In respect of the electro-technical category, he said that whilst inspections were up 11% transnet-container-terminalagainst target, the processing of LOAs within the financial year stood at 68% lower than the target for 120 days turnaround. In other instances, inspections carried out at source or at retail level were also short on target level but CEO Moodley assured the Committee that the NRCS had embarked upon a process of implementing a new system of automation and modernisation to improve performance.

He said it would take 18 months to complete such a programme at a total cost of R50m.
Major problems encountered were that certificates of origin supplied by importers which differed when the same goods were subsequently imported resulting in the need for fresh LOAs and that all processes at present were manual which increased load.    He called for the regulations to be changed so that more categories were allowed for so that very low risk products could be handled specifically on a quicker turn-around basis.

Opposition members said that they could not see how this would improve the situation since the problem appeared to be an inability to handle any volumes with untrained staff, whether low risk or high risk.    MPs noted that import bottlenecks were a financial threat to businesses and industry who were reliant on such imports and failure by DTI in this regard led to job losses and low growth.

Technical advances not in tune                nrcs-logo                                    

CEO Moodley and his team of departmental heads went to great lengths to explain the technical variations in international goods and imports coming from various countries that were either substandard or which had wrong documentation. He said that the failure to provide standards for treated timber and safety footwear, for example, had caused a backlog and such issues as non or sub-standard tyres on vehicles had slowed things down in the automotive sector.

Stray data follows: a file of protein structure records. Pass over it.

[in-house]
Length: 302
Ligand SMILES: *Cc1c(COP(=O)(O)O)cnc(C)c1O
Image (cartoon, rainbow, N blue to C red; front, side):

He complained that the lack of consistency in supplied products and the constant attempts to short-circuit the system by importers accounted for much of the delay in turnaround.

Where it matters

CEO Moodley said that the electro-technical industries represented an area where most product failures occurred.  He added that the introduction of LED technology had compounded the checks for accuracy and reliability and such issues as compatibility of electrical goods, in many cases portable generators and white goods, had a poor record of power specification labeling and consequent safety in South Africa.

This was a growing problem with many countries who worked to different standards, various plugging methods and a different disclosure ethic.

Warning

durban-port-bigIn conclusion, when the debate was wound up, the Committee noted that a complete change of direction in the methods and ability of NRCS to meet its targets had to be found and that future presentations by NRCS reflecting such dismal results would not be tolerated.

As a result of a number of critical comments from MPs across party lines, the backlog of 1,650 LOAs over 120 days would be tackled, regulator Moodley promised, “by October” but stated this as being with the use of “new inspectors”.

Also, in an effort to speed up the search for unsafe or non-compliant products, there would be no need to obtain a new LOA for additional imports of a product where one had been additionally granted, he said. However, NRCS reserved the right to carry out spot checks.

Consequences

From a subsequent follow-up report in Business Day, it was learnt that DTI had confirmed the resignation of CEO Asogan Moodley and that such a move “had been a decision of Mr Moodley himself”. Trade and Industry Minister, Rob Davies, said he had instructed DTI’s DG, Lionel October, “to engage with NRCS to ensure they meet their targets”.

DTI said that Minister Davies “simply expects management and labour of DTI entities to meet their targets”, referring specifically to LOA targets in the case of NRCS.
Previous articles on category subject
Customs Duty Bill cuts out inland ports – ParlyReportSA
Border Authority to get grip on immigration – ParlyReportSA
Tax law changes after mid-year budget – ParlyReportSA
New Customs Duty Bill opposed by BUSA – ParlyReportSA